Acoustik Attak claims its guitar picks will give players "enhanced sound waves"

The guitar pick is probably the most overlooked part of your signal chain after your choice of guitar strings, but it's still surprising no bolder designs on he humble plectrum have ever really taken off before. Could Acoustik Attak's Attak Piks change that?

(Image credit: Acoustik Attak)

The idea for Attack Piks was hatched when Connecticut-based bassist and Chief Product & Technology Officer Mark Labbe, along with New York-based guitarist, Chairman & CEO Michael DePietro, became disillusioned with flat pick designs.

So they came up with a way to innovate with a customised injection moulding process. Their Attak Piks feature patented raised ridge with, diamonds and other patterns on both sides of their lower tip attack zones that the company claims results in enhanced sound waves for your tone.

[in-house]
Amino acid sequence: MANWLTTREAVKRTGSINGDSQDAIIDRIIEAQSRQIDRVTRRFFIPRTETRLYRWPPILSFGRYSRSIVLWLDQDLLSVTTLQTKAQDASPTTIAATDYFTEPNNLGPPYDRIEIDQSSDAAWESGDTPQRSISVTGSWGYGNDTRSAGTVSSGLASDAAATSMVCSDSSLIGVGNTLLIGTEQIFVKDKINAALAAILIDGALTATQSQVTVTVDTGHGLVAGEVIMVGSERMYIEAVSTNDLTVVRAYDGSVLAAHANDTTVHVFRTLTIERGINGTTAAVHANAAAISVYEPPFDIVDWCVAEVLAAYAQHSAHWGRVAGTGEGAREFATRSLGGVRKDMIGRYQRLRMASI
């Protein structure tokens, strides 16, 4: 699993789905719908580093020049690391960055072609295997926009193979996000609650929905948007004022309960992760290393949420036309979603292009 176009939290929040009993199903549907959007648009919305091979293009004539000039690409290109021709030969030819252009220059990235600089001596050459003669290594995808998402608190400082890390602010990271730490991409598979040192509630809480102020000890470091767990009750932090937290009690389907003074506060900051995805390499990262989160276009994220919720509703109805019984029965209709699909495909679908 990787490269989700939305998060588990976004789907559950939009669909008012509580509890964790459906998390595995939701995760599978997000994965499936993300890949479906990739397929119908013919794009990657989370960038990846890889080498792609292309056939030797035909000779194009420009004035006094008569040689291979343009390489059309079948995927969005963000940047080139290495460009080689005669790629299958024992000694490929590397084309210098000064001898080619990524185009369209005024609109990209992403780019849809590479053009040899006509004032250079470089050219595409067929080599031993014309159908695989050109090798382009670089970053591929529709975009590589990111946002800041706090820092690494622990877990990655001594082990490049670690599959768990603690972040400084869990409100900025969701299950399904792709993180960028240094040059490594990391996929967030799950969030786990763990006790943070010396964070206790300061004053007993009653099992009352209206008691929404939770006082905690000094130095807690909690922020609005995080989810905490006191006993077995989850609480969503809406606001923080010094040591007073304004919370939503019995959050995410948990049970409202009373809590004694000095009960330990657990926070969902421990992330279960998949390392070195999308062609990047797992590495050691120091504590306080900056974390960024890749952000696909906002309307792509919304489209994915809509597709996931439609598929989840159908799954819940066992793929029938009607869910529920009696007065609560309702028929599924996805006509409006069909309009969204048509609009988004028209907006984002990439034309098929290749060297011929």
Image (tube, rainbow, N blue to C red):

That's regardless of whether you're an electric or acoustic player, or your choice of instrument or strings. Certainly a bold claim.

"Attak Piks actually brighten the sound of a guitar or bass without having to go through an equalizer," says producer and Attack Piks convert Jason Mariani of Carbonite Sound studios (Kenny Loggins, Joe Bonamassa, Simon Phillips, and a Grammy Award for his work with Mumford & Sons). "It's such a cool and straight-forward design that it's surprising no one thought of it before."

(Image credit: Acoustik Attak)

The picks are launching with two models to choose from; with the new Ambush and Attak models.

The Ambush pic features five staircase ridges on its top and underside, and Attack Picks claim it can enhance upper-midrange harmonics, distortion, percussive effects and thickened upper-midrange frequencies, especially for rhythm guitarists or bassists.

The Attak model features three rows of pyramid-shaped ridges on its top and bottom for clarity and less string noise, "especially within mids and high mids, ideal for lead guitarists," says Acoustik Attak.

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Rob Laing
Guitars Editor, MusicRadar

I'm the Guitars Editor for MusicRadar, handling news, reviews, features, tuition, advice for the strings side of the site and everything in between. Before MusicRadar I worked on guitar magazines for 15 years, including Editor of Total Guitar in the UK. When I'm not rejigging pedalboards I'm usually thinking about rejigging pedalboards.